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GRASS - Graduate Student Seminar: Brandon Barajas (Schiffman Group)

(Connor Giles talk will be held at a later date)

Date/Time: 

Tuesday, October 4, 2022 - 11:30am

Location: 

LGRT 201 & via Zoom (email wallace@ecs.umass.edu for a link)

Details: 

Brandon Barajas – Jessica Schiffman Research Group

Establishing the Mechanoselective Adhesion of Microorganisms to Biomaterials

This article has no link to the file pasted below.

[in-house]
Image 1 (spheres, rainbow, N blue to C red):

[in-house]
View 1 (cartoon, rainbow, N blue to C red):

The use of polymer-based medical devices, such as urinary tract catheters, has reduced material costs, improved quality of care, and increased device biocompatibility compared to metal-based devices. However, these polymer surfaces are susceptible to becoming surfaces on which a biofilm can develop. As their usage increases, more patients are at risk of developing fatal hospital-acquired infections that result from bacterial buildup on the polymer biomaterial. The overreliance on antibiotics to treat these infections has accelerated the development of antibiotic-resistant bacterial strains. Thus, we suggest the need to shift strategies towards infection prevention that focuses on decreasing the initial adhesion of bacteria to the polymer surface. Previous research suggests that the mechanics of a material, including stiffness, impact the adhesion of bacteria to polymeric materials. Work from the Schiffman group has shown that Gram-negative Escherichia coli and Gram-positive Staphylococcus aureus demonstrated greater adhesion on stiff, hydrophilic poly(ethylene glycol) dimethacrylate (PEGDMA) and agar hydrogels. To decouple the role the hydrophilicity has on the adhesive behavior of the microorganisms, we next studied their attachment to hydrophobic polydimethylsiloxane (PDMS) gels with varying material properties. PDMS gels have been systematically synthesized by varying the ratio of base to curing agent during synthesis. The mechanical properties of these gels were characterized using rheology and we classified the gels made from a ratio of 5:1 base to curing agent as stiff, 10:1 gels as standard, and 40:1 gels as soft. Bacterial attachment to these gels was assessed using fluorescence microscopy after a 24 hour incubation period. Unlike previously displayed trends on PEGDMA hydrogels, my results demonstrated that both uropathogenic E. coli and S. aureus strains exhibit greater adhesive behavior on softer PDMS gels. Our next goal was to gain biological insights into which genes are involved in the process of adhesion. Collaborations with the Andrews group and their CRISPRi systems for gene repression have shown initial promise in successfully reducing bacterial adhesion associated to certain genetic targets and can be used on a genome wide scale to further identify other important biological components of bacterial adhesion.

 

 

 
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